You’re not alone to be infuriated by insurers charging on top of your premium for extra services. Insurance admin fees are one of the bugbears for the modern driver and in recent research by insurer Cuvva, nearly a fifth (18%) say they’ve been hit by hidden fees. Here’s what you need to know.
What do hidden fees cover?
Of the one in five who’ve had to pay hidden insurance admin fees, more than a third (36%) say they’ve been landed with adjustment charges. These are when you have to alter your personal details midway through the term of your cover. You might have moved house or changed your car, jobs or name. Whatever, the insurer will still charge you for telling them.
They will also charge you if you have to cancel your policy, no matter how good the reason. You might have got a company car and no longer need your car, or you might be ringing on behalf of a deceased relative. Either way, there’s a good chance the insurer will make you pay.
Insurers also charge add-ons these days. Years ago, features like driving other cars were included as standard in insurance policies. Now, so they can charge the most competitive price possible for their policies, insurers strip their premiums to the bone. You buy the most basic cover possible, then build it back up with add-ons.
How much are these fees?
Comparison site GoCompare checked Defaqto and found that 63% of 363 comprehensive motor insurance policies had an adjustment fee of £20 or more. According to Defaqto, 81% of policies charged a cancellation fee with half charging £40 or more.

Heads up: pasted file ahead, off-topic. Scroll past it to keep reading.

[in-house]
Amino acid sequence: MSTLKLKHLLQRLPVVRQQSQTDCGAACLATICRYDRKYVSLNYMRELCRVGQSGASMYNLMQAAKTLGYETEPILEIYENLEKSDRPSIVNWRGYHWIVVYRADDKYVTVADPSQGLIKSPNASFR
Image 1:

Are hidden fees legal?
The trouble with hidden fees is, they’re only hidden because they’re submerged under a heap of small print. If you bother to read through that small print – and let’s face it who can hand on heart say they do? – you’ll find the fees squirrelled away. So yes, they are legal.
Are hidden fees fair?
You might argue that they’re disproportionate. After all, ring a call centre and say you’ve changed your name from Miss Brown to Mrs Smith and it’ll take them a couple of keyboard strokes to alter your policy. It hardly seems right that they then charge you £35 for the privilege.
What’s even more frustrating is that if you don’t tell your insurer that you’ve changed some of your personal details and you have to make a claim, it can punish you by not paying out. This is because all insurance is calculated on risk. And if you move house or get a different job, your risk profile changes.
What’s the answer?
When you take out insurance, check if there are any extra costs. It’s also worth checking if you can get round admin costs by doing it yourself. Some companies don’t charge if you do your own updates using your account on their website. However, according to Defaqto again, less than a third (29%) let you make changes online. But be careful: some crafty companies let you make changes online and still charge you for the privilege. The cheek of it!
I’ve been writing about cars and motoring for more than 25 years. My career started on a long-departed classic car weekly magazine called AutoClassic. I’ve since pitched up at Autosport, Auto Express, the News of the World, Sunday Times and most recently the Daily Telegraph. When I’m not writing about cars and motoring, I’m probably doing some kind of sport or working in my garden.